Black Tech Talent started out as a job board. Now, it builds strategic connections between workers and companies looking to diversify their ranks.
When 2020 arrived, Michael A. Johnson’s Minneapolis-based event company was taking off. He was in conversation about collaborating with everyone from P. Diddy’s team on Revolt Summit, a hip hop-focused cultural event series, to Rhymesayers on their annual hip hop music festival. Then the pandemic hit.
“Everything we were negotiating had to be canceled and deposits had to be refunded. We had to just halt operations altogether,” Johnson recalls. By the third or fourth stay at home order, he realized it was time to rethink his long-term strategy.
“I started thinking about what I could do to stay afloat and continue helping the people in the community I’ve built.”
That was when Johnson remembered the complaint he had encountered again and again while planning a previous conference on Black empowerment and technology. “I kept hearing the need for a pipeline” of Black talent for tech roles, he says. “The corporations that sponsored the event appeared to be willing to hire diversely.”
Johnson decided to start building that pipeline in Minnesota in April of 2020, and that was when Black Tech Talent was born.
The goal of the organization is two-fold, to help companies find the Black technologists they’re looking for while connecting Black tech workers with roles opportunities they rarely have access to. Today, the group boasts over 7,000 subscribers and counts corporate giants like Best Buy, BluDot, the Minnesota Timberwolves and American Express among its partners.
The year that Johnson launched Black Tech Talent, Black people made up only single-digit percentages of the workforce across major tech companies. Despite making up about 13% of the labor force, Black people comprised just 2.9% of the workforce at Salesforce, 3.8% at Facebook, 4.4% at Slack, 4.5% at Microsoft and 6% at Twitter, according to the Los Angeles Times.
William Lazonick, a professor of economics emeritus at the University of Massachusetts and president of the Academic-Industry Research Network, explains that such disparities have been persistent — and a long time in the making.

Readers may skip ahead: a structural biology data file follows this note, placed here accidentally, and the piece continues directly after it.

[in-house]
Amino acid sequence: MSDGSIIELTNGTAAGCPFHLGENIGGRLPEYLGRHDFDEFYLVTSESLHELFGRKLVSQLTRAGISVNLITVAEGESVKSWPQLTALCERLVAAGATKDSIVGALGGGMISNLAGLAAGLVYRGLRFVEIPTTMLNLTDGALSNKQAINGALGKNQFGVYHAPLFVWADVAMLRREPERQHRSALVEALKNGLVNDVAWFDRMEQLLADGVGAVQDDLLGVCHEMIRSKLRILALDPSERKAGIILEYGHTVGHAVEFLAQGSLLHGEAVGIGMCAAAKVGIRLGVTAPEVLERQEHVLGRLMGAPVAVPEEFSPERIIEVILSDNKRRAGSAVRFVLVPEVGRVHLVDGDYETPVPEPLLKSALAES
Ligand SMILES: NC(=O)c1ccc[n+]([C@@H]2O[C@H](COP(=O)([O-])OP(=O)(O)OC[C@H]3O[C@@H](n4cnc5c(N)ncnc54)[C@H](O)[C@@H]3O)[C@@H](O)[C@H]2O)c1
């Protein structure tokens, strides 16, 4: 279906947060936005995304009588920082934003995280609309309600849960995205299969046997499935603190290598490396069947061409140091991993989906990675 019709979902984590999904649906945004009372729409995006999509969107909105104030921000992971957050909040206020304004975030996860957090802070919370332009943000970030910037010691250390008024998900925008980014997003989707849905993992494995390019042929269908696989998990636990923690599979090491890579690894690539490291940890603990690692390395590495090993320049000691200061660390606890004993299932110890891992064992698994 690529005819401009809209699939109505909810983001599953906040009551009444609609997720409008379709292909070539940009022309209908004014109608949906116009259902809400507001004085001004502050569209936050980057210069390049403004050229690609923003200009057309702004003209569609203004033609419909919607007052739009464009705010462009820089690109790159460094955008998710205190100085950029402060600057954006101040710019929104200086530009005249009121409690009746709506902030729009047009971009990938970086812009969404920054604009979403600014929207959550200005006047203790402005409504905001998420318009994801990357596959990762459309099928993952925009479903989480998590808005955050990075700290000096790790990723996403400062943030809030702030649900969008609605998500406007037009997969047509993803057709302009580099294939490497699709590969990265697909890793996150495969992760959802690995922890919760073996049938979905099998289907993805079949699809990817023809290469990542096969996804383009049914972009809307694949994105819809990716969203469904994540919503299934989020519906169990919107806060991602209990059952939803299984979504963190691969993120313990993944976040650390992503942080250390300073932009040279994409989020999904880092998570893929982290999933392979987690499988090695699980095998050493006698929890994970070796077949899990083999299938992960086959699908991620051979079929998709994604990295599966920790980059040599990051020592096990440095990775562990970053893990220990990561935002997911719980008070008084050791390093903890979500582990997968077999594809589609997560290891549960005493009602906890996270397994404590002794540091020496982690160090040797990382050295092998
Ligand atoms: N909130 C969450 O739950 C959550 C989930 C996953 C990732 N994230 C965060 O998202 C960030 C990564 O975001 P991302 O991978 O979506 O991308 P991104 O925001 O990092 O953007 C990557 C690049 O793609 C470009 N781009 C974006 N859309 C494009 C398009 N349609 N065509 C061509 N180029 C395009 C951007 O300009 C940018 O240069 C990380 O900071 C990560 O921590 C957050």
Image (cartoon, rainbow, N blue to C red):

Coming out of World War II and into the 1960s, the labor market was a white man’s world in which pensions and life-long careers at one company reigned supreme. As the Equal Employment Opportunity Commission formed in 1965, such long-term benefits previously associated with white male labor began to evaporate as companies — including tech giants of the time like IBM, HP and Motorola — started hiring African Americans in larger, but still comparatively small, numbers.
As the notion of spending an entire career at one company dissolved, Lazonick explains, our social networks became an increasingly important job-finding tool. But because there are so few Black workers in these companies or the elite institutions they often look to hire from to start with, Lazonick says, Black people don’t have the crucial social networks to call upon to find such positions.
While retention, promotion and equal pay issues are still pervasive after new hires of color get through the door, Black Tech Talent focuses on creating connections to companies that people of color often cannot access due to these networks. Black Tech Talent started as a job board with a pay-to-post model that charges companies and is free for job seekers.
“The goal was always for it to be bigger than that,” Johnson says. “It was our Trojan Horse to get into the door with an affordable product.”
In the summer of 2020, Black Tech Talent expanded into podcasting in order to build brand awareness and highlight Black people in tech.
Last year the group hosted its first summit, which saw participation from 10 different countries, many from around Africa. “We wanted to prove that our community not only existed, but that they saw the value in what we were doing,” he says. The event and others like it create a space for Black technologists to network with corporate sponsors and representatives, forging the critical in-roads that Lazonick says are essential to success in technology careers today.
Johnson credits Black Tech Talent’s strategic expansion from job board into podcast and, finally, into events with much of its success. “We had a year of just putting out content and utilizing social media marketing to build this narrative. Then doing the summit expanded the community that much more,” he says. Since then, growth has been organic.
While continuing to host several events including family-focused ones intended to pique the interests of Black children in particular, this year the group began offering direct recruiting services. Johnson is currently working with companies like BluDot to place Black technologists among their ranks and with Best Buy to expand Black Tech Talent’s efforts to Atlanta.
Average salaries for tech workers have broken into the six digits, applicant pools are shrinking, and major tech companies’ diversity pledges and marketing toward people of color is growing. Still, racial disparities in hiring and in pay persist.
“This is the moment for us to come up economically and be included economically,” Johnson said. “We know the government is never going to do reparations. No one is going to come help us. This is a way for us to help ourselves.”
Cinnamon Janzer is a freelance journalist based in Minneapolis. Her work has appeared in National Geographic, U.S. News & World Report, Rewire.news, and more. She holds an MA in Social Design, with a specialization in intervention design, from the Maryland Institute College of Art and a BA in Cultural Anthropology and Fine Art from the University of Minnesota, Twin Cities.
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